Three people were killed in a May 2014 crash on Interstate 78 East near the Krumsville exit. This stretch of the highway is pegged for a $175 million PennDOT project meant to make the road safer. (Chris Knight / SPECIAL TO THE MORNING CALL)
PennDOT is getting ready to launch a $175 million reconstruction project along a dangerous 8-mile stretch of Interstate 78 known for its heavy truck traffic and unusually high rate of traffic fatalities.
Work is slated to begin next fall on the section that runs from the Lenhartsville exit at Route 143 east to the New Smithville exit at the Berks-Lehigh County line — a rolling, curvy and perilous corridor of the interstate.
The massive project will widen the highway’s shoulder, add climbing lanes for trucks, replace guardrails, improve drainage and rehabilitate several bridges.
If all goes smoothly, the project should be wrapped up by late 2022.
Ongoing safety concerns — dating to the 2007 Valentine’s Day storm that left motorists stranded on the stretch for more than eight hours — led to the project, according to PennDOT spokesman Sean Brown.
The corridor is the main artery leading into and out of the Lehigh Valley’s thriving warehouse and freight economy.
In a 2014 study, the state estimated about 45,000 vehicles traveled that portion of the highway daily — with tractor-trailers making up about 35 percent of that figure.
The thoroughfare’s winding, hilly contours make it difficult for tractor-trailer drivers to see traffic ahead of them, and its low and narrow shoulders leave no room for quick pull-overs in the event of trouble.
Meanwhile, drivers who get stuck behind rigs slowly climbing hills become frustrated and pass when it isn’t safe.
“That’s a really tight section of the roadway,” Brown said. “There’s not much of a shoulder and no median. This project looks to widen that corridor and bring it up to more modern standards.”
The problem was magnified three years ago after a fiery tractor-trailer crash near the Krumsville exit that killed three people.
The tractor-trailer driver, Vincent Espinvera of New Jersey, failed to see slowed or stopped traffic stop in time and struck seven vehicles, setting four on fire, according to police.
Espinvera was charged with a litany of felonies, including three counts of homicide by vehicle. Court records indicate a warrant was issued for his arrest in August 2015 after his failure to appear in court while he was released on $10,000 bail.
More recent crashes along the corridor include a violent chain-reaction wreck in May that injured three in Greenwich Township, and a fatal wreck in September near the Krumsville exit that killed a Montgomery County man.
Just after the 2014 crash, PennDOT spokesman Ron Young said a recent study had already cemented plans to make fixing the stretch a priority.
The study found the 8-mile section had 71 percent more crashes than other Pennsylvania expressways. Its fatality rate was 40 percent higher than elsewhere in the state, according to studies cited by PennDOT.
PennDOT was unable to provide updated figures on the accident rate on Monday.
As it prepares for the project, PennDOT is working on acquiring rights of way and easements — a process that has some property owners on edge.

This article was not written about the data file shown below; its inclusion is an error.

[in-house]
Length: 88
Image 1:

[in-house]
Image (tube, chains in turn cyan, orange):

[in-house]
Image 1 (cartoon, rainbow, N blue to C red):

The project is expected to affect some 70 parcels, according to Krause and Kinsman, a Kansas City, Mo., law firm specializing in property rights.
The firm, operating in eight states including Pennsylvania, will hold a public informational meeting for those property owners at 6:30 p.m.Tuesday at the Holiday Inn in Upper Macungie Township.
The firm monitors projects affecting landowners and reaches out to those affected during the right of way acquisition portion of the project, said Megan O’Neill, director of operations and client outreach for the firm.
“Every landowner has a story about their piece of property,” O’Neill said. “We’re there to make sure they’re being compensated properly for whatever is being done to their land.”
The meeting is the first hosted by the law firm in the Lehigh Valley, O’Neill said. The scope of the project places it in the category of medium- to large-sized road projects for the firm, she said.
Adam Krause, a partner with the firm, will be on hand Tuesday along with Kelvin Morris, one of the firm’s Pennsylvania attorneys, to provide a basic education on property rights and to answer questions from those affected.
“The proposed reconstruction of I-78 has many landowners worried about losing their land to eminent domain,” Krause said in a news release.
Among the topics slated for discussion are whether a property owner can stop the government from seizing property, what to do if a landowner disagrees with the fair market value presented by PennDOT, how the eminent domain procedure works and whether a landowner can negotiate personally for land compensation. O’Neill said these are issues many people are unfamiliar with until they’re faced with the proceedings.
Brown said PennDOT does not comment specifically on issues relating to the right of way process for a project, but said the state does everything it can to come to an amicable agreement in an effort to avoid eminent domain litigation.
“There is always compensation for properties the state needs to acquire,” he said, adding that a real estate appraiser is used by PennDOT to find a fair value for any land the department needs.
IF YOU GO
WHAT: An informational public meeting about property rights involving the Interstate 78 project hosted by the Krause & Kinsman law firm
WHEN: 6:30 p.m. Tuesday 11-28-2017
WHERE: Holiday Inn Allentown-I-78, 7736 Adrienne Drive in Upper Macungie Township